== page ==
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Vishing Season


I won your auction for your Dell Inspiron 6000 and tried to pay you through PayPal but the payment would not go through. Please send me your PayPal information so I can pay you asap!

Most of us are wise to such email phishing scams. Not getting enough bites using old-school phish bait, new-school scammers are turning to vishing.
When scammers spoof a trusted email address, such as eBay or your bank to gain your private account information, the scam is called Phishing.The scammers typically state that someone has possibly gotten into your secure account. To confirm that your account is still safe, the scammer, posing as a trusted source, demands that you check your account. For your convenience, the scammer provides you with a link to the trusted website. The website associated with the link, however, is a link to a website the scammer mocked up to look like the trusted website. When you type your login information, the information goes right to the scammer who then uses the information to wreak havoc on your account.

Vishing is similar, but it involves your phone. Standard vishing involves an email directing you to call a phone number to discuss fraudulent activity on your account. Sometimes the scam initiates with a phone call, but people are generally more wary of someone who calls them, as opposed to someone they call themselves. In either case, the caller gives you a little publicly available information about your account and then requests that you provide some confidential information in return to confirm you are the owner of the account. Once the scammer has your private information, they can use it to make purchases on your credit card, drain your bank account or steal your identity.

A new wave of vishing scams are sweeping the country. Companies like telespoof offer the ability to spoof your phone number. Salesmen, debt collectors and private investigators all use this technique to speak to people who would not otherwise pick up the phone. More evil-minded individuals have, in some cases, used this technique to access the phone mail of others or redirect their calls. Most commonly, scammers use phone spoofing to extract confidential information from people. While very few people will give confidential information to someone who comes up on the caller ID as Caller Unknown many more would be inclined to give bank information to a call that came up on the caller ID as the name of the person’s bank.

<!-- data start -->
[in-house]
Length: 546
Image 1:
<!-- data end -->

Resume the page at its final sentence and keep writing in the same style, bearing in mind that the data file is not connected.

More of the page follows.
To aid in the ruse, the scammer typically again offers you some commonly available information about your account. The scammer then mentions there is possibly a problem with your account, but states that before he/she can discuss the matter further, he/she needs you to provide a password, social security number, or other confidential information. Relying on the caller ID, you give the information to the scammer who then uses the information to convert your life savings to his/her ends.

Voice over IP (VOIP) systems are even more vulnerable to security intrusions and the types of viruses that affect email and internet browsers. VOIP is also more susceptible to interception and manipulation than standard landline calls. Scammers can also use VOIP directly. SPIT, or spam over internet telephony is just around the corner. SPIT involves transmitting millions of phone calls over the internet for little or no money. Security measures are being implemented to prevent these abuses, but the scammers have to stay one step ahead of the controls to survive.

Although there are no federal laws specifically addressing these activities, they generally constitute fraudulent practices under most state laws. While some state laws may provide a private cause of action, your best bet is to avoid the problem altogether. How do you protect yourself? Here are some simple steps to avoid falling prey to any type of phishing/vishing scams:

1) Never give any confidential information to anyone initiating the call. If you must provide them with confidential information, you initiate the call to a number you verified yourself, not the number they gave you.
2) Never visit a website identified in an email. If you must visit the website, type the uniform resource locator in yourself, do not rely on the website information they provide you. Scammers can make their website look like anything.
3) Never respond to unsolicited phone calls or emails. The more you speak to them, the more likely they are to call you again or sell your name to another scammer.

If you have been involved in a phishing/vishing scam, contact an experienced internet attorney to discuss your options. While it is unlikely you will be able to recover your money, you may be able to reduce the likelihood of a recurrence.

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